Toru Takemitsu's Far calls. Coming, far!
Far Calls. Coming, far! is an expansion and elaboration of the river/sea them Takemitsu was exploring at the same time in the quartet A way a lone. In Far calls Takemitsu adds a new layer of depth by reworking the theme into the form of a violin concerto. River-like, the violin "flows" through the concerto, finally reaching its destination at the end of the work, when the music resolves into the tonal "C."
Although Far Calls has a very similar feel to the string quartet, the addition of the orchestra allows for more color; and bells, brass, and woodwind join in the gentle but eerie surges of the music. It is also more tonal in nature than the quartet, and sounds more sweet to the ears -- the sense of tension resolving as the work progresses is quite satisfying. The violin is uniformly beautiful, drifting hypnotically through the lush maze of orchestration, breaking into a delicate cadenza before being dissolved back into the harmonizing orchestra. (The program notes below give a very vivid account of the work.) It is a remarkable piece of music, forming a perfect bridge between the A way a lone and riverrun, where a piano finally carries the symbolic weight of the river.
Like Takemitsu's other Joyce works, inspiration for this piece comes from the "final & first" passage of Finnegans Wake, 620.11 to 620.15, which I reprint below, with the relevant text highlighted in red:
I'd die down over his feet, humbly dumbly, only to washup. Yes,
tid. There's where. First. We pass through grass behush the bush
to. Whish! A gull. Gulls. Far calls. Coming, far! End here. Us
then. Finn, again! Take. Bussoftlhee, mememormee! Till
thousendsthee. Lps. The keys to. Given ! A way a lone a last a loved a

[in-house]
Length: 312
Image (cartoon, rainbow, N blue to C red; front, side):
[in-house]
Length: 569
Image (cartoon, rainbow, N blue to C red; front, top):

riverrun, past Eve and Adam's, from swerve of shore to bend
of bay, brings us by a commodius vicus of recirculation back to
Howth Castle and Environs.
| Excerpts from the liner notes from the Denon CD
Liner notes written by Hiromi Saito:
Takemitsu's music began to change during the late 1970s. Clusters of unconventional sound effects began to retreat from the forefront of his work, to be replaced by an emphasis on his earlier modal language supplemented by the incorporation of tonal contexts. He began to treat specific themes such as dreams and water, and became interested in numbers as manifestations of compositional logic. As Takemitsu writes in his notes to this work, Far calls. Coming, far! takes its title from James Joyce's novel, Finnegans Wake. In order to depict the world of dreams of a man as he sleeps through the night, Joyce wrote this highly abstruse novel on a base provided by the English language but supplemented by ancient and modern European languages. Takemitsu's work is based on the idea present within Finnegans Wake of a river (represented by the violin) flowing into the sea (tonality).
At the core of the work are the pitches E-flat (Es in German), E natural, and A, representing the letters of the word SEA. A hexatonic scale is then formed consisting of these three pitches together with their transpositions a third higher. This pitch material has a strongly tonal character similar to the character of the novel with its multiple layers of meaning. There are suggestions here also of the tone row, with its strong tonal implications, employed by Berg in his Violin Concerto.